Clinical programs are a hallmark of experiential education. By developing students’ professional skills in real world settings and teaching the substantive, procedural, tactical, and ethical issues presented by a particular area of practice, clinics serve as an essential bridge between life before and after graduation from law school.
Unlike traditional law courses, clinical programs allow students to work with real clients under the supervision of experienced practitioner-supervisors. Clinic students work up case files, investigate facts, interview witnesses, counsel clients, negotiate deals, mediate disputes, and try actual cases in front of real judges. Through this experience, clinical legal education prepares students to become competent and ethical practitioners.
Although Temple offers many opportunities for students to sharpen their lawyering skills, the deeper value of clinical education is characterized by students’ enhanced understanding of the legal process and the role they will play as legal professionals.
What Sets Temple’s Clinical Program Apart
Temple has offered clinical opportunities to its students since the Temple Legal Aid Office opened in 1953. Today, in addition to three courses through the Legal Aid Office, Temple’s popular clinical program includes 28 clinical courses, featuring opportunities both in-house and outside of the law school. Approximately 300 clinical placements are available to J.D. students who have completed the appropriate prerequisites. The Director of Experiential Programs is responsible for the administration and supervision of all clinical programs and works closely with students to select a clinical experience that’s right for them.
Temple’s clinical opportunities benefit from the law school’s metropolitan location in Philadelphia. Temple’s close proximity to state and federal courts, administrative agencies, and a sophisticated bar association provides clinical students many opportunities for learning and practicing under the guidance of experienced mentors.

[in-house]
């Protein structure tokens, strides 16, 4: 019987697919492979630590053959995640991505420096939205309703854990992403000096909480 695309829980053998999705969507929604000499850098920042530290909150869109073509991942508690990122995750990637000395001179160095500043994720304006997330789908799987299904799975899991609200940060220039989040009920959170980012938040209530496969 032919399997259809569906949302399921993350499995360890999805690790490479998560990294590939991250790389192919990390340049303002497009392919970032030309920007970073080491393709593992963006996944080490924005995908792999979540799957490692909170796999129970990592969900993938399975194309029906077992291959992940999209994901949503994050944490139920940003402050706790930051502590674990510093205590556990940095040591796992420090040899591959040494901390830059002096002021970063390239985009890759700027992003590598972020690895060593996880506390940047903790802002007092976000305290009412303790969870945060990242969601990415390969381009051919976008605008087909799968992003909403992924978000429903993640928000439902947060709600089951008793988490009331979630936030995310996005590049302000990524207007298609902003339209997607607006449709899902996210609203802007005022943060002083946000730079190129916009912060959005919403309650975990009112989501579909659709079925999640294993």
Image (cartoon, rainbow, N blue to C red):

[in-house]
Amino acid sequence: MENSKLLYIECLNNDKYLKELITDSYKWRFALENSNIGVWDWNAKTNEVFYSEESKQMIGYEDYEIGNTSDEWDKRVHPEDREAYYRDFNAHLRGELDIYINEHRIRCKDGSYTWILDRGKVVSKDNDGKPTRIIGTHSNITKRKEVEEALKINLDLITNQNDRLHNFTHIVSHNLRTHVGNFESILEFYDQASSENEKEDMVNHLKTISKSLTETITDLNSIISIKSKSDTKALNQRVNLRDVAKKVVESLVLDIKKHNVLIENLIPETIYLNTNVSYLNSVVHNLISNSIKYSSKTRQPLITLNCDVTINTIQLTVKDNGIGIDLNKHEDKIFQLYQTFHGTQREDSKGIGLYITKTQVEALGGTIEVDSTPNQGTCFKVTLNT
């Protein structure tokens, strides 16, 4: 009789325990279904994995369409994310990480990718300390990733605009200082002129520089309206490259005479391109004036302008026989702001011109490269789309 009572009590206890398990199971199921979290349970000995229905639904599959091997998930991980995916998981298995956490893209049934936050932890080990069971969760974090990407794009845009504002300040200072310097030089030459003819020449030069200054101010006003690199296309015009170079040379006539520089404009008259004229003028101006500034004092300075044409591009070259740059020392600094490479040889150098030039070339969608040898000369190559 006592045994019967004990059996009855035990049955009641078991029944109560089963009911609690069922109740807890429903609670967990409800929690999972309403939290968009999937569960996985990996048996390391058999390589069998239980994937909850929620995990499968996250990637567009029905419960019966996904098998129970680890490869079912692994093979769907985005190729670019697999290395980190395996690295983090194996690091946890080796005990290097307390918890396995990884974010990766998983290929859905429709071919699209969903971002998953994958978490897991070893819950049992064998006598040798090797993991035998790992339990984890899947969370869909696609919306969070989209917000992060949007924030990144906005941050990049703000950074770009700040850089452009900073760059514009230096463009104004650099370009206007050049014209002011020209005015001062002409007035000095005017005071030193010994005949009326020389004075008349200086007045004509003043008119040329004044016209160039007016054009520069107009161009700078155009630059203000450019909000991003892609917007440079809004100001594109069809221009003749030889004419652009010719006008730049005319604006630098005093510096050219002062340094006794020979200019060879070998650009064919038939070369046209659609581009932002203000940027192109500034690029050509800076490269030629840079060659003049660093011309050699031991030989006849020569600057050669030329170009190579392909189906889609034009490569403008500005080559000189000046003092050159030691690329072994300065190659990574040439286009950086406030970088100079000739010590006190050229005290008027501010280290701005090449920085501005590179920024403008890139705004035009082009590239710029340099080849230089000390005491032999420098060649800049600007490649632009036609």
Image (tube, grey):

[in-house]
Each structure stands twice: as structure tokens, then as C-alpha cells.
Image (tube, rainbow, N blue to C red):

Every clinician in the clinical program is an experienced and expert legal practitioner. The vast majority of our clinical instructors have been involved in clinical teaching at Temple Law for many years and the most senior have over twenty years of clinical teaching experience.
The U.S. Department of Education has awarded Temple two consecutive grants to develop and enhance clinical legal education and in 1993 the American Bar Association Standing Committee on Professionalism presented the law school with the E. Smythe Gambrell Professionalism Award in recognition of outstanding achievement. Temple’s Department of Clinical Legal Education was also honored for excellence by the American College of Trial Lawyers in 1989.
Grading, Attendance and Assignments
Most, but not all, clinical courses are graded on a pass/fail basis. Students should refer to individual course descriptions for exceptions.
Since the clinical experience is premised on participation, students only benefit when they are there to perform. Attendance is mandatory. If an emergency arises which requires an absence or altered schedule, the student must contact his or her supervising attorney as soon as possible and make up any missed time.
The Clinical and Experiential Learning Program Office monitors the quality of all clinical courses and each student’s individual experience. Monitoring is done through a variety of means including review of individual journal entries. Most clinical students are required to submit biweekly journals. These journals are designed to encourage students to reflect upon their clinical work and learn from their experiences. Journals are integral to the success of the program and failure to submit them in a complete and timely manner will impact a student’s grade.